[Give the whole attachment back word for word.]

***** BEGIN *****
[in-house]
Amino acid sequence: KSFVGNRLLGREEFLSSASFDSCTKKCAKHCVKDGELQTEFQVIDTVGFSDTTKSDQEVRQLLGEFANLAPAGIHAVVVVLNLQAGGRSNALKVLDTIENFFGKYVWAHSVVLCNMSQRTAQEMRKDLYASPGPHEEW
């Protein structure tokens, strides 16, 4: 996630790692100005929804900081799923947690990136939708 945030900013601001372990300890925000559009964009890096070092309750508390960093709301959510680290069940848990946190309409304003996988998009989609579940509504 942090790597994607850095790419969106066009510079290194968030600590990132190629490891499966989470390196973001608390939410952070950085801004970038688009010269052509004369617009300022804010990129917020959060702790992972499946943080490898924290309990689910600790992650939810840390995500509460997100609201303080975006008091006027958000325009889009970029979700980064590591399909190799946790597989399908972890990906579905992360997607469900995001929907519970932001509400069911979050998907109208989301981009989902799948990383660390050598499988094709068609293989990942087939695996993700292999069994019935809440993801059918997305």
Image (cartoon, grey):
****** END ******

[in-house]
Amino acid sequence: KSFVGNRLLGREEFLSSASFDSCTKKCAKHCVKDGELQTEFQVIDTVGFSDTTKSDQEVRQLLGEFANLAPAGIHAVVVVLNLQAGGRSNALKVLDTIENFFGKYVWAHSVVLCNMSQRTAQEMRKDLYASPGPHEEW
């Protein structure tokens, strides 16, 4: 996630790692100005929804900081799923947690990136939708 945030900013601001372990300890925000559009964009890096070092309750508390960093709301959510680290069940848990946190309409304003996988998009989609579940509504 942090790597994607850095790419969106066009510079290194968030600590990132190629490891499966989470390196973001608390939410952070950085801004970038688009010269052509004369617009300022804010990129917020959060702790992972499946943080490898924290309990689910600790992650939810840390995500509460997100609201303080975006008091006027958000325009889009970029979700980064590591399909190799946790597989399908972890990906579905992360997607469900995001929907519970932001509400069911979050998907109208989301981009989902799948990383660390050598499988094709068609293989990942087939695996993700292999069994019935809440993801059918997305």
Image (cartoon, grey):